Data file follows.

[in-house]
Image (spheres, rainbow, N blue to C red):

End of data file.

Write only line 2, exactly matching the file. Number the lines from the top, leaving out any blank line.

Image (spheres, rainbow, N blue to C red):